AbstractPersonal documents of Kurt Seelig and his family. The majority of documents is related to Bernard and Winifred Schlesinger's initiative to open a hostel for 12 German-Jewish children who came with the Kindertransport to London. It also includes a diary of Kurt Seelig, written between 1939 and 1940.
SERIES I: KURT SEELIG AND HIS FAMILY
Folder 1: Personal documents (colored photocopies)
Folder 2: Handwritten diary with clippings and postcards written by Kurt Seelig between August 28, 1939 - July 1, 1940 at the age of probably 9 or 10. (Handwritten ms., bound)
Folder 3: Diary of Fritz Seelig (1939-1940, photocopy)
SERIES II: BERNARD AND WINIFRED SCHLESINGER
Folder 4: Bernard and Winifred Schlesinger, Golden wedding album (1925 -1975, with photos, photocopy)
Folder 5: The Schlesinger's Hostel: documents detailing the establishment and operation of the hostel (March-September 1939, photocopy)
Folder 6: "Shepherd's Hill Tales": draft no. 1 for th 50th anniversary reunion, Highgate, London, August 13, 1989. (photocopy)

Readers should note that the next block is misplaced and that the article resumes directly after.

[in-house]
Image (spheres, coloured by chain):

Folder 7: Folder 7: Eulogies for B. Schlesinger
Folder 8: Brochure about Schwedt/Oder
Folder 9: Jewish porcelain ("Judenporzellan"), purchased in Berlin by his parents after World War II. [removed to Art and Objects Collection]
Personal documents of Kurt Seelig and his family. The majority of documents is related to Bernard and Winifred Schlesinger's initiative to open a hostel for 12 German-Jewish children who came with the Kindertransport to London. It also includes a diary of Kurt Seelig, written between 1939 and 1940.
Kurt (Werner) Seelig, born on April 9, 1929 in Schwedt, Oder (Brandenburg). His parents, the merchant Simon Heinrich and Edith Seelig (nee Tuch) sent Kurt Seelig on a Kindertransport to England with a group of other children to Bernard and Winifred Schlesinger in 1939. Dr. Bernard Schlesinger (1897-1984) was a prominent English pediatrician. The Schlesingers, themselves parents of five young children, decided to open a hostel in London in 26 Shepherds Hill, Highgate, for twelve German Jewish children. Kurt Seelig's brother Fritz was also sent to London. Kurt Seelig's parents emigrated to Ecuador, returned to Berlin after the war, and lived in an old age home in Kantstrasse.
MARC2EAD PILOT INGEST BATCH 1